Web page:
According to academician Rebecca Moore, early analogies to Jonestown and Kool-Aid were based around death and suicide, not blind obedience. The earliest such example she found, via a Lexis-Nexis search, was a 1982 statement from Lane Kirkland, then head of the AFL-CIO, which described Ronald Reagan's policies as "Jonestown economics," which "administers Kool-Aid to the poor, the deprived and the unemployed."
In 1984, a Reagan administration appointee, Clarence M. Pendleton Jr., chairman of the United States Commission on Civil Rights, was quoted as criticizing civil rights leaders Jesse Jackson, Vernon Jordan Jr., and Benjamin Hooks by making an analogy between allegiance to "the black leadership" and blind obedience to the Jonestown leaders: "We refuse to be led into another political Jonestown as we were led during the Presidential campaign. No more Kool-Aid, Jesse, Vernon and Ben. We want to be free."
In 1989, Jack Solerwitz, a lawyer for many of the air traffic controllers who lost their jobs in the 1981 PATCO strike, explained his dedication to their cause in spite of the substantial personal financial losses he incurred by saying "I was the only lawyer who kept the doors open for them, and I thought I'd get a medal for it... Instead, I was the one who drank the Kool-Aid."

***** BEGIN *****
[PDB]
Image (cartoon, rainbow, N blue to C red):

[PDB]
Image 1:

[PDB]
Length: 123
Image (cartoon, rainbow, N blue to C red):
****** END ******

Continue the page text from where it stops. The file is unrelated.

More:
The widespread use of the phrase with its current meaning may have begun in the late 1990s. In some cases it began to take on a neutral or even positive light, implying simply great enthusiasm. In 1998, the dictionary website logophilia.com defined the phrase as "To become a firm believer in something; to accept an argument or philosophy whole-heartedly."
The phrase has been used in the business and technology worlds to mean fervent devotion to a certain company or technology. A 2000 The New York Times article about the end of the dot-com bubble noted, "The saying around San Francisco Web shops these days, as companies run out of money, is 'Just keep drinking the Kool-Aid,' a tasteless reference to the Jonestown massacre."
The phrase or metaphor has also often been used in a political context, usually with a negative implication. In 2002, Arianna Huffington used the phrase "pass the Kool-Aid, pardner" in a column about an economic forum hosted by President George W. Bush. Later, commentators Michelangelo Signorile and Bill O'Reilly have used the term to describe those whom they perceive as following certain ideologies blindly. In a 2009 speech, Newsweek editor Jon Meacham stressed his political independence by saying, "I did not drink the Obama Kool-Aid last year."
In 2011, columnist Meghan Daum wrote that the phrase had become "one of the nation's most popular idiomatic trends," while bemoaning its rise in popularity, calling its usage "grotesque, even offensive." She cited, among others, usages by Starbucks CEO Howard Schultz, who said that he "drank the Kool-Aid as much as anyone else about Obama", and Us Weekly magazine, which reported during the short marriage of Kim Kardashian and Kris Humphries that "Kris is not drinking the Kardashian Kool-Aid."